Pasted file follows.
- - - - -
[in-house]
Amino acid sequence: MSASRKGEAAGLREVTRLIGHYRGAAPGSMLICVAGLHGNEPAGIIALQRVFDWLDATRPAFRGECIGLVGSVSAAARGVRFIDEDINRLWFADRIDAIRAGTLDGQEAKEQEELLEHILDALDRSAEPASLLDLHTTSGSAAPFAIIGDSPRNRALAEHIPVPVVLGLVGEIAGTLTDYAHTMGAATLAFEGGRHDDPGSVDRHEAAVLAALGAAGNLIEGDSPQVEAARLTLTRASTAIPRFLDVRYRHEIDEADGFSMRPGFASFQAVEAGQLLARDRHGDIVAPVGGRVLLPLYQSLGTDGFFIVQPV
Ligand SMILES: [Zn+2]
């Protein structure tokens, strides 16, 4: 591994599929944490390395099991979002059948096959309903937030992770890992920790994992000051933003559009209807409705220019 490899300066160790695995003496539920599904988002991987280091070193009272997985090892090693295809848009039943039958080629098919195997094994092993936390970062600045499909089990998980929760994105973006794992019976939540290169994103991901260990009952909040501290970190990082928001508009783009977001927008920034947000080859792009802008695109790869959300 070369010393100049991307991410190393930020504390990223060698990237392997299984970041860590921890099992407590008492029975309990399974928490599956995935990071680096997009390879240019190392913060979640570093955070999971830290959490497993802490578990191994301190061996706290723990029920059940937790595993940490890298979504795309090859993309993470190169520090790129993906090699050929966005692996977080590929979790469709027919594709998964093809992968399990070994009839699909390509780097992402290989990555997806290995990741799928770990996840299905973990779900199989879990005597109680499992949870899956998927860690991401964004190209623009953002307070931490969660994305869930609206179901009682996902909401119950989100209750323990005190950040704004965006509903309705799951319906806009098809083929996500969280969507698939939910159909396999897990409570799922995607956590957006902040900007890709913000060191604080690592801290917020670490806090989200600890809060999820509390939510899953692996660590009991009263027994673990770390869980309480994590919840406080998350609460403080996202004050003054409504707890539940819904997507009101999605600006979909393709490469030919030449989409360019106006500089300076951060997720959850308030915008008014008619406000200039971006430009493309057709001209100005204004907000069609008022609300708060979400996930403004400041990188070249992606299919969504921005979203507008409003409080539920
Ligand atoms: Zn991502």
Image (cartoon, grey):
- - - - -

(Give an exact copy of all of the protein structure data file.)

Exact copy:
[in-house]
Amino acid sequence: MSASRKGEAAGLREVTRLIGHYRGAAPGSMLICVAGLHGNEPAGIIALQRVFDWLDATRPAFRGECIGLVGSVSAAARGVRFIDEDINRLWFADRIDAIRAGTLDGQEAKEQEELLEHILDALDRSAEPASLLDLHTTSGSAAPFAIIGDSPRNRALAEHIPVPVVLGLVGEIAGTLTDYAHTMGAATLAFEGGRHDDPGSVDRHEAAVLAALGAAGNLIEGDSPQVEAARLTLTRASTAIPRFLDVRYRHEIDEADGFSMRPGFASFQAVEAGQLLARDRHGDIVAPVGGRVLLPLYQSLGTDGFFIVQPV
Ligand SMILES: [Zn+2]
């Protein structure tokens, strides 16, 4: 591994599929944490390395099991979002059948096959309903937030992770890992920790994992000051933003559009209807409705220019 490899300066160790695995003496539920599904988002991987280091070193009272997985090892090693295809848009039943039958080629098919195997094994092993936390970062600045499909089990998980929760994105973006794992019976939540290169994103991901260990009952909040501290970190990082928001508009783009977001927008920034947000080859792009802008695109790869959300 070369010393100049991307991410190393930020504390990223060698990237392997299984970041860590921890099992407590008492029975309990399974928490599956995935990071680096997009390879240019190392913060979640570093955070999971830290959490497993802490578990191994301190061996706290723990029920059940937790595993940490890298979504795309090859993309993470190169520090790129993906090699050929966005692996977080590929979790469709027919594709998964093809992968399990070994009839699909390509780097992402290989990555997806290995990741799928770990996840299905973990779900199989879990005597109680499992949870899956998927860690991401964004190209623009953002307070931490969660994305869930609206179901009682996902909401119950989100209750323990005190950040704004965006509903309705799951319906806009098809083929996500969280969507698939939910159909396999897990409570799922995607956590957006902040900007890709913000060191604080690592801290917020670490806090989200600890809060999820509390939510899953692996660590009991009263027994673990770390869980309480994590919840406080998350609460403080996202004050003054409504707890539940819904997507009101999605600006979909393709490469030919030449989409360019106006500089300076951060997720959850308030915008008014008619406000200039971006430009493309057709001209100005204004907000069609008022609300708060979400996930403004400041990188070249992606299919969504921005979203507008409003409080539920
Ligand atoms: Zn991502």
Image (cartoon, grey):